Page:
We had gone for a walk through Le Marais, said to be the Jewish Quarter of Paris, and were crossing R. St-Antoine when a passer-by offered (in English) "Parisians don't drive their cars; they aim them." We got to talking, told him we were looking for a nice restaurant, and he recommended La Bastoche, a few blocks away. Like all the bistros in Paris the food was sturdy and tasty and the prices were reasonable.
Too full of hamhocks and cabbage to walk back to the apartment, we decided to take the METRO.
Many of the METRO stations are decorated appropriate to the local attractions. The Arts et Metiers station, for instance, is copper-plated with little portholes through which you can see models of locomotives and steamships and such stuff.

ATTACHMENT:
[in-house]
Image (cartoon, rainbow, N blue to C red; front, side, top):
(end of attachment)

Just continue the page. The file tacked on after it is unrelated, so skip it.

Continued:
Bastile station is tiled with a depiction of Quatorze Juillet, but done somewhat light-heartedly (!)
For instance: the two women in [a215] are wearing eyeglasses but they're "Dame Edna" glasses — red or blue encrusted with rhinestones — definitely not something you would have seen in 1789.
Also note the missing tiles... Sometimes Paris is depressingly like New York City.
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